The effect of the monomer concentration (AN and MAN) on polymerization of bleached jute fibre in the presence of a K2S2O8/FeSO4 redox system, is shown in Fig. 1. The graft yield increased with the increase of monomer concentration for both AN and MAN. After a certain value, it decreased with a further increase in the monomer concentration (Samal et al. 1986, 1989). The latter is due to the increasing homopolymerization rate rather than to grafting at the higher monomer concentration. The maximum graft yield was obtained when the bleached jute fibre was treated with 300% AN and 280% MAN. Their grafting efficiencies are 4.50 and 11.00%, respectively.
Fig. 1
Fig. 1

Graft yield and grafting efficiency as a function of monomer concentration (ANG acrylonitrile grafting, MNG methacrylonitrile grafting, ANE efficiency of acrylonitrile, MNE efficiency of methacrylonitrile).

Figure 2 shows that the graft yield and grafting efficiency increased with the increase of K2S2O8 concentration as initiator, up to 22% for AN and 20% for MAN. The increasing trend of the graft yield might be the result of the formation of a large number of grafting sites on the cellulose backbone of the jute fibre. At the high initiator concentration, a large number of activated monomers become available. These turn to the formation of homopolymers, causing a shortage of monomer in the vicinity of the cellulose macroradicals. Hence, the graft yield and grafting efficiency start to decrease. The retarding effects of graft yield and grafting efficiency at higher concentration of K2S2O8 may be due to the predominance of homopolymerization over grafting. The termination of growing grafted chain is caused primarily by free radicals, resulting from the decomposition of excess initiator and production of excess Fe(III) (Mukhopadhyay et al. 1975; Misra et al. 1987; Mohanty et al. 1986).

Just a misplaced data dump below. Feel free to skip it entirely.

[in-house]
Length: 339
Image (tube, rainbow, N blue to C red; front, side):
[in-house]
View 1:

Fig. 2
Fig. 2

Graft yield and grafting efficiency as a function of initiator concentration (ANG acrylonitrile grafting, MNG methacrylonitrile grafting, ANE efficiency of acrylonitrile, MNE efficiency of methacrylonitrile).

Figure 3 shows that the percent graft yield increased with the increase of FeSO4 concentration, up to 2%, for both AN and MAN. Thereafter, percent graft yield decreased. As the catalyst concentration increases, a greater number of Fe(II) ions is produced. Also, more reactive sites on the jute surface develop. Hence, grafting increases up to a certain concentration of catalyst. Beyond this concentration, graft yield and grafting efficiency decline. This is probably due to the formation of Fe(III) ions, which promote the premature termination of the growing grafted chain. Homopolymerization is also enhanced in presence of FeSO4 (Salam 2005). The effective concentrations of FeSO4 are 2% for both AN and MAN, and the corresponding graft yield and grafting efficiency rates are 17. 78, 43.15 and 6.5, 14.38% respectively.
Fig. 3
Fig. 3